VIM for beginners

The first time I saw vi text editor was when I reached university. At the time, it seemed a little bit counterintuitive . I think it is a normal feeling to new vi users, even more, if you are, like I was, used to Windows and GUIs but make no mistake, there is a good reason for this 30-year old tool still be widely used by many of the best developers in the world. A few days ago, I was programming some rails application, while doing some changes to a few files, I realized that I wasn’t taking full advantage of vim, I couldn’t do what I normally saw my teachers doing, like !indenting! a text with few keyboard shortcuts. I spend some hours reading the vim help and realized how fantastic vim is! Now if you wanna try vi I will give some little tips, like a mini tutorial for vi/vim beginners.

For showing you the shortcuts I’ll use a similar notation to the used on vim help. <ESC><CTRL-v>5jI This means you press ESC key then you press Ctrl and “v” key simultaneous then you press the number 5 followed by the “j” key and finally you press “I”. I think you get the idea. If you can’t, vim isn’t for you!

First, Vim has something similar to a command line, when you press <ESC>: you will start writing commands at the bottom of the screen for example, :q is for quitting the program. Of course when I say something started with “:” like “:q” I’m expecting you to write that on the command line, not in your text, so if you are in insert mode you have to do something like this <ESC>:q<ENTER> Well… now when talked about insert mode I introduced one more thing; the vi working modes! When using vim, you can switch between different working modes, for example to insert text you should be on INSERT MODE, when selecting text you are on SELECTION MODE, you have also REPLACE MODE, VISUAL MODE, and more. Those operating modes give you ultrafast access to key commands that can edit, insert, and move text on-the-fly.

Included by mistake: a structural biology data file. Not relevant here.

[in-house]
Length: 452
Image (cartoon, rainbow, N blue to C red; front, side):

Here are some examples of commands:

Calling VIM:

Vi                 Open vim with no file.
vi PATH            Open PATH file with vim, if the file doesn’t exist create it.
vi PATH +          Open the PATH file and focus cursor at end of file.
vi PATH +10        Open file at line 10.
vi PATH +/regedor  Open file with courser at the first occurrence of  the word “regedor”

Saving/Quitting VIM:

:w                 Save
:q                 Exit without saving
:wq or : x or ZZ   Exit and save
:w!                Force Save
:q!                Force Quit
:wq!               Force Save and Quit

Well this is good for beginners. For now I don’t have more time, I will set up a more complex tutorial with a few more advanced commands soon.